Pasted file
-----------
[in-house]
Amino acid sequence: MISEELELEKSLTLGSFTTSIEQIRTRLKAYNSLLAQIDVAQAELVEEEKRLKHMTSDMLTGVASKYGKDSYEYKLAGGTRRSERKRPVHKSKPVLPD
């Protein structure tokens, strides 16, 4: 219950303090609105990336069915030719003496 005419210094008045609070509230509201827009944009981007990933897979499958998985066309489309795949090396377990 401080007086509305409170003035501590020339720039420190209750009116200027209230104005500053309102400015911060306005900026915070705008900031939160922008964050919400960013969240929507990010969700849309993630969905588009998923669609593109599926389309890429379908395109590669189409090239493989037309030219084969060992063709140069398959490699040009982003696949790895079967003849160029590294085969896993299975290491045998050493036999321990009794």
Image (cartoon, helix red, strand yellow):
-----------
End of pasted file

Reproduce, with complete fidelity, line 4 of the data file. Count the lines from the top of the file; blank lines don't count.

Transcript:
Image (cartoon, helix red, strand yellow):